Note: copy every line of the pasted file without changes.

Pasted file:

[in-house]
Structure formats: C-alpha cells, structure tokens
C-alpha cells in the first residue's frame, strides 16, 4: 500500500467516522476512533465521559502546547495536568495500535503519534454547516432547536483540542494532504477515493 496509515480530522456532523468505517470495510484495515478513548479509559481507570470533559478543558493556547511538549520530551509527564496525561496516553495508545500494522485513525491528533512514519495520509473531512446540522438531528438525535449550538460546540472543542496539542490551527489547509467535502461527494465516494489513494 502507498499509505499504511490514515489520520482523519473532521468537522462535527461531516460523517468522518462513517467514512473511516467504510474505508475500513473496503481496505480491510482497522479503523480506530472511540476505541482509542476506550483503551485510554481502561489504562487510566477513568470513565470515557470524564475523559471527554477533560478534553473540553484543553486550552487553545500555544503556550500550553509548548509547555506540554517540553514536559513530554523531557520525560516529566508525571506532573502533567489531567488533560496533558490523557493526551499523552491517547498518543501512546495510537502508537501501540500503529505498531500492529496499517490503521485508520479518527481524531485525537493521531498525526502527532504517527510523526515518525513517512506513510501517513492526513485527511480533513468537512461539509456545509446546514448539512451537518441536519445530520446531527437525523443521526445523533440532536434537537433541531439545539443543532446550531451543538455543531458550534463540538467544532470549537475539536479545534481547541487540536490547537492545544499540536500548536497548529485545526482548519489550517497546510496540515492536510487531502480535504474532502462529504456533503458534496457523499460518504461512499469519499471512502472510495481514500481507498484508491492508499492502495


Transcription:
[in-house]
Structure formats: C-alpha cells, structure tokens
C-alpha cells in the first residue's frame, strides 16, 4: 500500500467516522476512533465521559502546547495536568495500535503519534454547516432547536483540542494532504477515493 496509515480530522456532523468505517470495510484495515478513548479509559481507570470533559478543558493556547511538549520530551509527564496525561496516553495508545500494522485513525491528533512514519495520509473531512446540522438531528438525535449550538460546540472543542496539542490551527489547509467535502461527494465516494489513494 502507498499509505499504511490514515489520520482523519473532521468537522462535527461531516460523517468522518462513517467514512473511516467504510474505508475500513473496503481496505480491510482497522479503523480506530472511540476505541482509542476506550483503551485510554481502561489504562487510566477513568470513565470515557470524564475523559471527554477533560478534553473540553484543553486550552487553545500555544503556550500550553509548548509547555506540554517540553514536559513530554523531557520525560516529566508525571506532573502533567489531567488533560496533558490523557493526551499523552491517547498518543501512546495510537502508537501501540500503529505498531500492529496499517490503521485508520479518527481524531485525537493521531498525526502527532504517527510523526515518525513517512506513510501517513492526513485527511480533513468537512461539509456545509446546514448539512451537518441536519445530520446531527437525523443521526445523533440532536434537537433541531439545539443543532446550531451543538455543531458550534463540538467544532470549537475539536479545534481547541487540536490547537492545544499540536500548536497548529485545526482548519489550517497546510496540515492536510487531502480535504474532502462529504456533503458534496457523499460518504461512499469519499471512502472510495481514500481507498484508491492508499492502495